The Skatalites are a Jamaican music group formed in the 1960's.  They are considered to be the pioneers of the popular ska genre of music (ska is also the 'grandfather' of reggae, according to The Skatalites).  Ska's most dominating, prominent, and distinctive feature is its off-beat chords (also heard in reggae).  Ska's next most dominant characteristic is its use of horns (usually trumpet/sax/trombone combinations).  Ska has evolved since the 60's and progressed into several modern forms: Traditional ska (emulating the original jazz-influenced ska of the 60's) (groups like The Inspector, and Skavoovie and the Epitones), Skacore (groups like Save Ferris, and the Mighty Mighty Bosstones), Rock/ska (Let's Go Bowling).  Ska re-emerged from England in the early 1980's when the two-tone movement started, stressing equality and peace between whites/blacks, along with the punk movement.  This is why some modern punk bands have some very ska-like songs (though far different from their traditional Jamaican ska counterpart).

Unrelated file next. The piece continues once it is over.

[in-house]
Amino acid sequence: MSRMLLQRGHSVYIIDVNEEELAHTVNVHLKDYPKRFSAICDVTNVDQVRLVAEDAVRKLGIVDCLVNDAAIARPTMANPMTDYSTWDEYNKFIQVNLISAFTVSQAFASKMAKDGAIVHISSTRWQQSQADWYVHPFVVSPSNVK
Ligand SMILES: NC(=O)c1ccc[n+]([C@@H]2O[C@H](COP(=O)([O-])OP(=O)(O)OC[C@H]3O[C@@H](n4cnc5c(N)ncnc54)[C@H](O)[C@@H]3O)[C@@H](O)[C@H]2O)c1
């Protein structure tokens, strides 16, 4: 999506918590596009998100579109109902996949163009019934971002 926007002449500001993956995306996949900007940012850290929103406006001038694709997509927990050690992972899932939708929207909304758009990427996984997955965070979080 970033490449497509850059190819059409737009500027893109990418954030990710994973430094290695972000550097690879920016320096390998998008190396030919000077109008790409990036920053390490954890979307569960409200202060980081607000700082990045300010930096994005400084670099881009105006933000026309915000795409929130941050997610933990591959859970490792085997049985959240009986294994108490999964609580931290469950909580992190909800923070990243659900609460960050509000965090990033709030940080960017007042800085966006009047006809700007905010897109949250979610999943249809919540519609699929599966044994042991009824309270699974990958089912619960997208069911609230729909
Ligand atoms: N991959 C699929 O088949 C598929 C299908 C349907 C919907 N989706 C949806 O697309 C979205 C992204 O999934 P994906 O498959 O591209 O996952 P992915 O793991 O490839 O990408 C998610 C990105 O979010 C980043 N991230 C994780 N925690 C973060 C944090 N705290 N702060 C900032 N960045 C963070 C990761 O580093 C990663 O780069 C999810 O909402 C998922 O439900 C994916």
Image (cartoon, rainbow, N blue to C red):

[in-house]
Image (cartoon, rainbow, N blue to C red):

The Skatalites still exist today, though a few of their original members have passed away.  They continue to produce some of the best quality ska/jazz pieces known today, featuring catchy melodies and awesome solos in every section: wind, guitar, bass, and rhythm.

Yahoo! Music Bio:

The Skatalites were formed in June 1964, drawing from the ranks of session musicians then recording in the studios of Kingston, Jamaica.  The personnel included Don Drummond (trombone), Roland Alphonso (tenor saxophone), Tommy McCook (tenor saxophone), Johnny 'Dizzy' Moore (trumpet), Lester Sterling (alto saxophone), Jerome 'Jah Jerry' Hines (guitar), Jackie Mittoo (piano), Lloyd Brevett (bass) and Lloyd Knibbs (drums).  The band name was a Tommy McCook pun on the Soviet space satellite of 1963.  The Skatalites' music, reputedly named after the characteristic 'ska' sound made by the guitar when playing the 'after beat', was a powerful synthesis, combining elements of R&B and swing jazz in arrangements and solos, underpinned by the uniquely Jamaican-stressed 'after beat', as opposed to the 'down beat' of R&B. Many of the musicians had learned music at Alpha Boys' School in Kingston, subsequently honing their talent in the Jamaican swing bands of the 40s and early 50s, and in numerous 'hotel bands' playing for the tourist trade.

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